[Impact of small extracellular vesicles on anti-tumor immunity in chronic lymphocytic leukemia in vivo]. (Doctoral thesis)
- Tumor Stroma Interactions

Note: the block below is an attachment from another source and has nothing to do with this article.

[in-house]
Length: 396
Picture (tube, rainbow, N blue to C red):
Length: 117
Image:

Small extracellular vesicles (sEV) are nano-sized particles known for their implications in cell-to-cell communication. In cancer, tumor-derived sEV are responsible for the re-education of surrounding healthy cells, promoting tumor proliferation, immune escape and metastasis. In our study, we focused for the first time on the functional characterization of leukemia microenvironment-derived sEV (LME-sEV) by isolating small vesicles directly from the spleen of pre-clinical leukemic mice (Eµ-TCL1). First, we deeply characterized LME-sEV by proteomics analysis and by single-particle flow and imaging cytometry, and identified immune checkpoint molecules. With the aim to define sEV involvement in leukemogenesis, we crossed the Eμ-TCL1 and RAB27(ab) double knock-out (RAB27DKO) transgenic strains, obtaining a novel animal model (TCL1-RAB27DKO) in which sEV release from murine-derived CLL cells is impaired. Then, our results show that LME-sEV are essential for chronic lymphocytic leukemia (CLL) development in vivo, and their absence strongly impacts tumor development and progression. Given the highly immunosuppressive microenvironment in CLL, we focused our attention on LME-sEV impact on lymphocytes. Our data showed that LME-sEV are able to actively decrease CD8+ T cell anti-tumor activity both in vivo and in vitro by impacting transcriptomic and proteomic profile and transferring miRNA. These lead to a diminished synthesis of pro-inflammatory cytokines, to the expression of exhaustion markers and to a decrease cytotoxic activity. Altogether, our data demonstrate for the first time that LME-sEV play a key pro-tumoral role in vivo and suggests that LME-sEV negatively modulate the anti-tumor immune response.